The probable zygnematacean zygospore Tetranguladinium is recorded in Mesozoic strata from southern Scandinavia for the first time. Tetranguladinium, which exhibits morphological similarities to the extant filamentous green alga Mougeotia, occurs in Jurassic–Cretaceous (J/K) boundary (latest Tithonian–Early Berriasian) assemblages from the Vomb Trough, southern Sweden and on the Danish island of Bornholm. The J/K boundary strata of southern Scandinavia were deposited in marginal marine settings, varying from freshwater marshes, lakes and flood plains, to lagoons, shoreface, and shallow marine to fully marine environments. The assemblages containing Tetranguladinium are diverse, consisting of spores and pollen, the colonial green alga Botryococcus, various other zygnematacean zygospores e.g. Ovoidites, Schizosporis and Tetraporina, and rare marine dinoflagellate cysts.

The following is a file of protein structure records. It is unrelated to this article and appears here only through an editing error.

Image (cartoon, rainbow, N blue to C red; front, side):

A review of published fossil occurrences of Tetranguladinium reveals that its stratigraphical range extends at least from the Late Guadalupian (Mid Permian) to the Holocene. It has been recorded from Africa (Tanzania), Asia (China, Korea), Australia, northwest Europe (Denmark, Great Britain, Sweden), North America (Canada, USA), and South America (Argentina). Depositional and palaeoclimatological data for the known localities of Tetranguladinium confirm a preference for freshwater settings in a humid warm temperate to subtropical–tropical climate, often with a pronounced dry season. The palaeogeographical positions of all the known Tetranguladinium localities indicate that it is has stayed restricted within narrow belts between 30–40° south and 30–60° north of the palaeoequator since the Late Jurassic.

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